Tie on MC. Knit 1, PM, begin lace pattern on next 18 stitches, PM, K last stitch.

Lace rib pattern:
Round 1: K 5, P 1
Round 2: K 1, YO, sl 1, K2tog, psso, YO, K1 P1
Round 3: K5, P1
Round 4: K2, YO, ssk, K1, P1
Round 5: K5, P1
Round 6: K5, P1

When foot is long enough (5 lace pattern repeats for my size 9 foot), begin short-row heel. You now have 20 (18) stitches on one needle (pattern needle) and 10 (9) stitches on each of the other needles. Work the heel on these two needles only.

Short-row Heel:
Tie on CC.
Row 1: K to last stitch, W&T
Row 2: P to last stitch, W&T
Row 3: K to last 2 stitches, W&T
Row 4: P to last 2 stitches, W&T
Row 5: K to last 3 stitches, W&T
Row 6: P to last 3 stitches, W&T
Row 7: K to last 4 stitches, W&T
Row 8: P to last 4 stitches, W&T
Row 9: K to last 5 stitches, W&T
Row 10: P to last 5 stitches, W&T (stop here and skip to row 13 if working the smaller size)
Row 11: K to last 6 stitches, W&T
Row 12: P to last 6 stitches, W&T
Row 13: K to first wrapped stitch, knit stitch & wrap together, turn
Row 14: Sl 1, P to first wrapped stitch, purl stitch & wrap together, turn
Row 15: Sl 1, K to first wrapped stitch, knit stitch & wrap together, turn
Repeat rows 14 and 15 until the last of the wrapped stitches have been used. End on a P row, on the side where the MC yarn was dropped.

Turn work. Pick up MC.
Across 2 needles at the back of the sock:
K 1, PM, begin lace pattern across needles (divide sts as needed to work lace pattern) until 1 st is on needles, PM, K1.
Continue around leg of the sock, knitting lace pattern between markers. Yes, there will be a K2 rib on each side between the lace panels. If this bothers you, leave the back of the sock plain and work the lace only in front. (If you stopped at 9 stitches at the toe, you won't have the K2 rib -- just lace pattern all the way around.)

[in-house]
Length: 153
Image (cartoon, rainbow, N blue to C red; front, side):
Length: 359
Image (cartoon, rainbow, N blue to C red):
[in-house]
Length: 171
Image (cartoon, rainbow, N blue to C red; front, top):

Work two repeats of the lace pattern (12 rows) or longer if desired.

Switch to CC. Knit 1 inch of K2P2 ribbing (or longer if desired).
To bind off:
K 2 sts, slip sts back to left needle, knit them together through the back of the loop. Purl next stitch, slip both sts on right needle to left needle, purl together. Continue binding off in pattern, knitting (or purling) 1 stitch, moving both stitches from the right needle to the left, and knitting (or purling) them together in the back of the loop until all stitches have been bound off. Sew in ends.


Dandy said...

these look great... I have to get more superwash in this house so I can make some!

Anonymous said...

Cute! And feel better!

Lupie said...

Thanks for the pattern! I may just have to try them.

Anonymous said...

Thanks for the great pattern. I hope that you are feeling better.


Anonymous said...

I am trying to make this but I don't know what W & T stands for. please help so I can finish.

Karen said...

Sorry -- it's Wrap and Turn. Here's a nicely visual tutorial:

Lori said...

I just saw these on Lime & Violet and I love them! Thanks for the pattern. said...

Thanks so much for sharing this! I just came over via Lime and Violet and I love this pattern! I'll be linking as well.

Anonymous said...

What does PM mean?? Could you give a key of your letters please. Thanks. I'm wanting to make these but not sure what some of the shortcuts mean.

Karen said...

PM means Place Marker. Thanks for the suggestion. I've added it to the pattern.